TP53 mutations and their importance in del(5q) MDS

TP53 mutations have been identified as negative prognosticators for patients with MDS with del(5q) disease.33,34  In fact, strong p53 expression in immunohistochemistry in ≥1% of bone marrow progenitor cells at baseline was observed in 35% (30 of 85) of patients treated with lenalidomide in a retrospective analysis of an international trial. It was significantly associated with higher AML risk (P = .0006), shorter overall survival (P = .0175), and a lower cytogenetic response rate (P = .009) but not with achievement or duration of 26-week transfusion independence response.34  In the LeMON5 trial cited earlier, 67 patients were prospectively analyzed for TP53 mutations.35  At study entry, 12% of patients had TP53 mutations with allele frequencies ranging from 16% to 52%; the clinical characteristics between patients with and without TP53 mutation were identical. Neither achievement of transfusion independence nor cytogenetic remission was significantly influenced by TP53 mutation, although it was numerically in favor of wild-type patients. However, overall survival of TP53-mutated patients was significantly shorter than that of wild-type patients. This consistently shown overall survival disadvantage should prompt evaluation of allogeneic transplantation strategies in patients with baseline TP53 mutations. It should not, however, prevent from treating patients with lenalidomide even if transplantation is scheduled, as the drug may still lead to increases in hemoglobin level, consecutive reduction in iron overload, reduction in clone size, and improvement in quality of life, all of which can improve transplantation outcomes. Furthermore, in the LeMon5 trial, 15 randomly selected patients with no detectable TP53 mutation at baseline underwent TP53 sequencing after a median of 12 months. Forty percent had evidence of TP53 mutations with an allele frequency of 6% to 31%. This subsequent emergence of TP53 mutation had no impact on any outcome measures. Therefore, the emergence of TP53 mutation during treatment with lenalidomide does not necessarily entail negative consequences for the patients, and further investigation regarding its impact is warranted.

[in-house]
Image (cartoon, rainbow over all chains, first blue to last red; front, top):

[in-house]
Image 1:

Treatment of patients relapsing during lenalidomide therapy